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GNOME Asia 2014

I spent last weekend in Beijing attending GNOME Asia 2014; yeah, long trip from Europe just for 3 days, but it was totally worth it. The worst part of it was of course fighting jet lag when I arrived, and fighting it again 3 days later when I came back to Spain :) The conference was really well organized [1], so kudos to all the local team!

After a quick sleep on Friday morning, I attended the development and documentation training sessions that Kat, AndrĂ© and Dave gave. They were quite interesting, especially since I’m not involved in the real user documentation that GNOME provides. I have to say that these guys do an amazing job, not only teaching during conferences, but also through the whole year.

There are, from my point of view, two main ways of learning new things:

  • The ‘engineer’ way: Learning things as you need them, what you would do when you start writing an application and looking for examples of how to do what you want to do (autotools, anyone?). It is a very ‘engineer’ way, as you pick black boxes that you’ll use to build something bigger, while not fully understanding what the black box does inside.
  • The ‘scientific’ way: When you learn something in order to fully understand it and be able to teach others. This approach takes a lot longer, as you need to make sure that everything you learn is accurate and you end up questioning the things that are not clear enough. Learning stuff to teach others is actually what you do in University; you’re learning things that will afterwards need to be explained in an exam to someone who knows more about the subject than you do.

Sure, both ways have their ups and downs, but if you want to write software you need to be able to switch between those two mindsets constantly. You’ll use the engineer way when reading API docs, looking for the bits and pieces that you need to build your stuff. You’ll use the ‘scientific’ way when you need to start learning a new technology, or when you need more detail on how to do things. While the API docs are taken care of by the library developers, it is the documentation team the one making sure that user guides, tutorials, and other developer resources are kept up to date, which are definitely some of the toughest and most important tasks done to help newcomers and other developers. So go on, go learn GNOME technologies and teach others, join the documentation team! ;)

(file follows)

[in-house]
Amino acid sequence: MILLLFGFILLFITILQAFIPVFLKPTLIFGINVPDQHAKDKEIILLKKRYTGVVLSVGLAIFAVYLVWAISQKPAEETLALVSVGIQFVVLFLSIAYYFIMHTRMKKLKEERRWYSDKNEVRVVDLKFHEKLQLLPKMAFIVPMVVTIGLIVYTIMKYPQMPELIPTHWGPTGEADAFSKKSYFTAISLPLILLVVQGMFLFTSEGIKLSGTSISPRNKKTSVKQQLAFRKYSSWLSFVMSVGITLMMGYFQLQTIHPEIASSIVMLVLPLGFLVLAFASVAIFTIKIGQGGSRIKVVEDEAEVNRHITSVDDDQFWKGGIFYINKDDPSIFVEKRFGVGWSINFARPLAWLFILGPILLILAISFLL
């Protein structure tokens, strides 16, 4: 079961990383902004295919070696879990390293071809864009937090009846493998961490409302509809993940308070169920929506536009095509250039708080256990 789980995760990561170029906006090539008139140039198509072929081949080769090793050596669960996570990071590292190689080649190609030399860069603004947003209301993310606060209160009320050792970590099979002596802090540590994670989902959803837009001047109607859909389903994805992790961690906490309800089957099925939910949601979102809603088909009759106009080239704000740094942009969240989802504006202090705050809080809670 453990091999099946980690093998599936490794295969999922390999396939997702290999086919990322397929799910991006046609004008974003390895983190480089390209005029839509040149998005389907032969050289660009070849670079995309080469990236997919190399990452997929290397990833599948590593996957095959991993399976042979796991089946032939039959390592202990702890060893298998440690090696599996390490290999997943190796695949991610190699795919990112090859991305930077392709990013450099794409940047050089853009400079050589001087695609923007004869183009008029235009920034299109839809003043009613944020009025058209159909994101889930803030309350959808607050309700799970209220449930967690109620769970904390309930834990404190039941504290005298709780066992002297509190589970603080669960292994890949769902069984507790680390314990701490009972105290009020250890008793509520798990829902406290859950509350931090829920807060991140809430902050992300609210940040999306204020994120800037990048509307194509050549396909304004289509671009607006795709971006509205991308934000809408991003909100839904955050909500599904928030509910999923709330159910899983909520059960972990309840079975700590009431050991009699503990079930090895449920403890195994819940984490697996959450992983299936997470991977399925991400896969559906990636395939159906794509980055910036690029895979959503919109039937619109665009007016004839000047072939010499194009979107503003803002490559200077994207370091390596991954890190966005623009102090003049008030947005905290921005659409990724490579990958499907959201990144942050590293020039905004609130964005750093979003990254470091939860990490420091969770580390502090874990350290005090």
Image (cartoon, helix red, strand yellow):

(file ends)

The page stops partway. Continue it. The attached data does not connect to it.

GNOME Asia is not a usual conference. If you have attended a Desktop Summit, GUADEC or FOSDEM before, all those conferences are built by developers and for developers. The focus of those conferences is usually not (explicitly) to attract newcomers, but instead to be a show of the latest and shiniest things happening in the projects. Of course we also had part of that in Beijing, say Lennart’s talk about the status of systemd or Allan’s talk about application bundles. Those both were very good talks, but likely too specific for most of the audience. Instead, I chose to talk about something more basic, focused on attracting newcomers wanting to write applications, and so I gave an Introduction to D-Bus talk, including some examples. It is the same talk I gave last year in GUADEC-ES, but in English this time (my Mandarin is not good enough).